How the Christian enemy was "thrown out"?The story of Mr. Frank Frank
Another of the American friends who visited 'Abdu'l-Bahá in the midst of these restrictions and hardships was Mr. Frank Frank. His first and last names were an indication of his honesty and sincerity-truly befitting, for he was characterized by truthfulness and simplicity of conduct. Having accepted the Cause, and filled with love and anticipation, he had decided to visit the Holy Land. In Port Said he had received a message detaining him until further notice. The local believers had pleaded in his behalf, beseeching 'Abdu'l-Bahá
for permission, and it had been decided that he could come, but with great caution and vigilance.
On his arrival in Haifa, one of the Christian troublemakers, an enemy of the Faith who was a translator and guide for foreign travellers, deceived him by claiming devotion to the Faith and firmness in the Covenant and accompanied him to 'Akka, functioning as his translator. When Mirza Nuru'd-Din and I were in 'Abdu'l-Bahá's presence, the news was brought of this American pilgrim by the name of Frank who had just arrived accompanied by that deceitful spy.
'Abdu'l-Bahá was quite annoyed. He instructed me to "go and attend to that traveller downstairs and send the troublemaker to me". I immediately found Mr. Frank, and after the exchange of loving greetings I asked him, "When you were in Port Said, did you receive any instructions regarding observance of caution when travelling from Haifa to 'Akka?"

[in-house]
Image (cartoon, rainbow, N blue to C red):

"Yes, I travelled with extreme care and prudence," he answered.
"Where did you get to know this rascal?" I asked.
"This man came to me as soon as I got here and greeted me with the Bahá'í greeting of Allah'u'Abha. He told me the latest news of the Cause and asked after the health of many of the American believers by name and background. He even claimed that he had been awaiting my arrival for some time. Then he declared his devotion and obedience to 'Abdu'l-Bahá expressed his gratitude to Him for having sent his children to school abroad, and added, 'We owe our whole existence to 'Abdu'l-Bahá.' I asked him if he had any occupation other than his translation work and he explained, 'Here, there is no freedom of the press. So with the help of 'Abdu'l-Bahá I have started a small manual print shop where I print business cards.' And so I promised to help him and brought him here with me."
"Everything that he has said is true, except that he has just left out one detail: he happens to be a deceitful man, a collaborator of the Covenant-breakers and an associate of the
enemies of the Faith," I informed him. In brief, I advised him of the situation in the Holy Land and explained the verse: "Do not believe everything you hear and do not trust all who approach you." Indirectly, I awakened him to the fact that, as the poet says,
So often does Satan appear in human form, Do not shake just any hand that is offered.
Once Mr. Frank realized what had happened, he was very taken aback but remained quiet. At this point we were summoned to the presence of 'Abdu'l-Bahá, just as the deceitful guide was being dismissed from His presence. Once in the Master's presence, and while Mr. Frank was expressing his sentiments of humble devotion and servitude, I wondered by what heavenly strategy and celestial skill had 'Abdu'l-Bahá got rid of that insidious character.
As soon as we left His presence I found Mirza Nuru'd-Din and asked him, "How was Mr. Guide thrown out?"